Travis Eichelberger, CEO of True Solar, recently joined Snoball's WOMM Podcast to talk about honesty and authenticity in the solar industry and how to find both personal and professional fulfillment in an industry that is a win for everyone.
Travis starts out by detailing a bit about his background and the experiences that led him to become a solar professional. After receiving an MBA from the University of Iowa, Travis took a position as an operations manager at a solar company. He describes what a positive experience that was:
“Honestly, it [was] the first job that I actually loved. What I found is that every day, when I left, whether I had a good day or a bad day, I came home knowing that we did something good and that we made a difference. And honestly, for the first time, I was proud to tell people what I did for a living.
“At that time in the industry, it was still really, really new. People didn't know what solar was. The technology was new. It was a good return on investment, but not as good as it is today. So a lot of people just wanted to learn about it and not necessarily purchase the actual product. [But], over the course of the last seven years, there have been massive advancements in technology, which has made it really, really fun.”
Travis goes on to explain how he used the knowledge he gained working in solar operations to eventually become a solar CEO:
“When I started [at the company], I started as the operations manager. So I worked with the installation crews and the electricians and was able to learn very intimately the actual installation process itself—more so than most executives. By the end of my tenure with that company, I took over as president of the company and I'm now the owner and CEO of True Solar.”
As the podcast continues, Travis goes into more detail on what sets the solar industry apart from other home service industries and why he has found more fulfillment in solar than in previous industries:
“I think the benefit [of solar] to the consumers is the largest thing. Like I said, when I got into the industry, I knew that it was a good thing and that people said it was good for the environment and maybe would save you some money and so forth.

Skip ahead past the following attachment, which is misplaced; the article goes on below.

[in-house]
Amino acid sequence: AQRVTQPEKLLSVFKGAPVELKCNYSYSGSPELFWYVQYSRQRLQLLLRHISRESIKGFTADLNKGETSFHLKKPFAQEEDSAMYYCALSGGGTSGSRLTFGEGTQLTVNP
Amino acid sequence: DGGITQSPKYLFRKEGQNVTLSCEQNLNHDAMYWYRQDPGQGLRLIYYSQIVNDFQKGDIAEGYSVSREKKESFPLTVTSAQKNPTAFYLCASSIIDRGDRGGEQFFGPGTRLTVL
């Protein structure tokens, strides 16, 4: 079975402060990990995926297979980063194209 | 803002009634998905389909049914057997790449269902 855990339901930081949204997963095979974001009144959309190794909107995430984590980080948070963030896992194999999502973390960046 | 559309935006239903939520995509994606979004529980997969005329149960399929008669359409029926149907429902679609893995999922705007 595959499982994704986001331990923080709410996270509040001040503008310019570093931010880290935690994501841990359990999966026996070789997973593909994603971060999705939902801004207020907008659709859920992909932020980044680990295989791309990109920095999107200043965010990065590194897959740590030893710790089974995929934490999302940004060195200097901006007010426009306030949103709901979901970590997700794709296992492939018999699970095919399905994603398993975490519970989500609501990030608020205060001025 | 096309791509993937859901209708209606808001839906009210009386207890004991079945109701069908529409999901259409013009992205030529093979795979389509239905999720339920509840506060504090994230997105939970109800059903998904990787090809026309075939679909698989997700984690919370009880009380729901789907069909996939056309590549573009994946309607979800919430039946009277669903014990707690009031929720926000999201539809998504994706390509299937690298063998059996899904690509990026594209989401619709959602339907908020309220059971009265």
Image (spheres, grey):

“But once I actually saw for myself what it would do for customers, by taking away their electricity bill on any given month, and also the lasting impact that it had over the course of the life of the system (20 to 30 years), I realized kind of how powerful that is, especially compared to some of my other employment opportunities.
“When I was in the telemarketing space, I remember at one point I was 18 and we were offering dialup internet to customers that specifically already had high-speed internet, so you can imagine how unfulfilled I felt at that point, and [I] almost went home not feeling good at all.
“So to be able to be in a situation where I can provide true value to customers, both financially and to be able to help out the environment for years to come, that was surprising how much that took over my life, and how I felt about the industry and about my job as a whole. And it's been a blessing ever since.”
Travis then jumps into talking specifically about his company, True Solar, and how its mission came to be. He starts out by saying that as he gained experience in the solar industry, he found that there were certain things he and his colleagues wished would change about how things were done. Unfortunately, it was hard to effect change in both big and small companies for different reasons.
Thus, True Solar was born. As Travis puts it, “[True Solar’s] goal is to be a local solar company that isn't chasing revenue targets and isn't chasing growth targets. We don't want to take over the world. We simply want to do a very, very good job with solar and provide an amazing customer experience to everybody that chooses to do business with us.”